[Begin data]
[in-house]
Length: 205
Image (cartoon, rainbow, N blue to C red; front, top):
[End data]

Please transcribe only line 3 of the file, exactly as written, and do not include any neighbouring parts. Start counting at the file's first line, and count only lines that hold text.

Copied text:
Image (cartoon, rainbow, N blue to C red; front, top):